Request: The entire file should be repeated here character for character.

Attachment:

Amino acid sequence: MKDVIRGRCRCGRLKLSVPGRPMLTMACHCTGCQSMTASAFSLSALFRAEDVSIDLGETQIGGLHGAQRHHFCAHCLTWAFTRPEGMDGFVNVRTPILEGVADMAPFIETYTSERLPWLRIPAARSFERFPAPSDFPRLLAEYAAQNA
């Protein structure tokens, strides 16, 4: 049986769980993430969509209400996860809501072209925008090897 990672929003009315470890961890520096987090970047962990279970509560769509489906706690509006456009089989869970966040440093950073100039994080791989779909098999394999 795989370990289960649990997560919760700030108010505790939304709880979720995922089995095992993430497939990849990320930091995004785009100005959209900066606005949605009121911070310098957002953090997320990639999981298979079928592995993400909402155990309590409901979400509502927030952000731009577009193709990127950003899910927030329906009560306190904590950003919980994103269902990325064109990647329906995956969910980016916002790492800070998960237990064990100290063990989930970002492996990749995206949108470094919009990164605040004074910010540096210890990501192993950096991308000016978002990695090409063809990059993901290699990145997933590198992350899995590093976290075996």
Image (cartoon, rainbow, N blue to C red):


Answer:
Amino acid sequence: MKDVIRGRCRCGRLKLSVPGRPMLTMACHCTGCQSMTASAFSLSALFRAEDVSIDLGETQIGGLHGAQRHHFCAHCLTWAFTRPEGMDGFVNVRTPILEGVADMAPFIETYTSERLPWLRIPAARSFERFPAPSDFPRLLAEYAAQNA
């Protein structure tokens, strides 16, 4: 049986769980993430969509209400996860809501072209925008090897 990672929003009315470890961890520096987090970047962990279970509560769509489906706690509006456009089989869970966040440093950073100039994080791989779909098999394999 795989370990289960649990997560919760700030108010505790939304709880979720995922089995095992993430497939990849990320930091995004785009100005959209900066606005949605009121911070310098957002953090997320990639999981298979079928592995993400909402155990309590409901979400509502927030952000731009577009193709990127950003899910927030329906009560306190904590950003919980994103269902990325064109990647329906995956969910980016916002790492800070998960237990064990100290063990989930970002492996990749995206949108470094919009990164605040004074910010540096210890990501192993950096991308000016978002990695090409063809990059993901290699990145997933590198992350899995590093976290075996």
Image (cartoon, rainbow, N blue to C red):